The Turner Prize 2019 has been awarded to all four of the shortlisted artists, in a shake-up similar to that of this year’s Booker Prize.
A letter to the jury from the artists said: “At this time of political crisis in Britain and much of the world, when there is already so much that divides and isolates people and communities, we feel very strongly motivated to use the occasion of the Prize to make a collective statement in the name of commonality, multiplicity and solidarity – in art as in society.”
In recognition of the artists’ shared commitment to pressing social and political causes, the judges made the unanimous decision to honour the request and praised them for their commitment to “the collective power of art”.
The jury’s statement said: “At our meeting today, we were presented with the letter from the artists and unanimously took the decision to agree to their request. We are honoured to be supporting this bold statement of solidarity and collaboration in these divided times.
“Their symbolic act reflects the political and social poetics that we admire and value in their work.”
The work of the four artists ranges from explorations of oppression to pieces that blur the line between fact and fiction.
Beirut-based, British artist Lawrence Abu Hamdan describes himself as an “audio investigator” who gives performative lectures based on earwitness (as opposed to eyewitness) accounts from oppressed individuals.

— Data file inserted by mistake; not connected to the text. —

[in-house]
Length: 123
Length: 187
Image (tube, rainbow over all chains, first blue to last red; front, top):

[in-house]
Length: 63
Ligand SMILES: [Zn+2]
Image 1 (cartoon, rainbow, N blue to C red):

Helen Cammock, who also works with visual media and spoken-word performances, looks at how historic and past events can be perceived differently when recounted by different people reading a variety of texts.
London-based artist Tai Shani organises performances and installations that offer a door into her gothic, surrealist worlds that blur truth and myth, with the intent of disrupting the white, western male perspective.
Her largest work to date, Semiramis, is a city of women built by women. It was formed of 12 characters inspired by Christine de Pizan’s 1405 proto-feminist text The Book of the City of Ladies, in which an allegorical city is inhabited by real and mythical women who are not distinguished from one another.
Colombian-British artist Oscar Murillo first caused a stir on the contemporary art scene six years ago, when one of his paintings fetched $401,000 at Phillips auction house in New York after being given an original estimate of $30,000. His work explores issues such as migration, community and exchange in a globalised world, drawing on his own personal history.
His canvases are often made with recycled materials, and Murillo has often involved his family and friends in his performances.
This year’s Turner Prize was presented by Edward Enninful, editor-in-chief of British Vogue, at a ceremony at Dreamland in Margate. The exhibition of the shortlisted artists at the Turner Contemporary continues until 12 January 2020. Entry is free.
Join our new commenting forum
Join thought-provoking conversations, follow other Independent readers and see their replies